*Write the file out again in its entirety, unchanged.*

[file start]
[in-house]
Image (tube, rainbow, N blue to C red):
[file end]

[in-house]
Image (tube, rainbow, N blue to C red):